The drop in interest stands in contrast to the women’s Final Four, which began Friday in Dallas. Tickets to the women’s semifinals averaged $367, up 120% from last season’s tournament, and tickets to the finals average $351, an increase of 103% from 2022.

And in-person interest has been dipping since the early rounds of the men's tournament. Overall prices for tickets on the secondary market have dropped 42% and prices for tickets to the championship game have fallen 53% since the start of tournament play, according to the reseller TicketIQ.

As of Friday, the cheapest semifinal ticket on the secondary market was $137, making it the lowest get-in price since at least 2011, per TicketIQ.

"We tend to say every year that this might’ve been the best March Madness ever," said former Manhattan and New Mexico coach Fran Fraschilla.

"We all know that it comes and goes. I would say it this way: Every March Madness has unique story lines and sometimes the story lines, while outstanding, don’t match up with what the ratings on television might end up being. But who really cares? If you’re a true basketball fan, you really just love the journey."

A lack of heroes and villains

With last year's field as the most extreme example, stacking the Final Four with blueblood programs can often attract three different types of viewers.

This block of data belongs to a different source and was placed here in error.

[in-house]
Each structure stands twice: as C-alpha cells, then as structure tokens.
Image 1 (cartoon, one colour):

There are the traditionally large fan bases associated with historic college basketball powers. There are dedicated but non-affiliated fans who will watch regardless, especially for Monday’s championship game. Then there are more casual viewers who tune in because of the notoriety of the teams involved — even if more often than not to wholeheartedly root against brands such as Duke or North Carolina.

“Where you have issues is the beauty of heroes and villains,“ Favorito said. “Duke, North Carolina, Kansas, Villanova all make it. At some point, people either love them or hate them, and they watch them for both reasons. You really don’t have that here. You have really interesting stories, but you don’t have anybody to hate, which is unusual.”

Recent tournament history suggests that matchups matter when it comes to TV ratings and interest in the Final Four, as does the quality of the games themselves.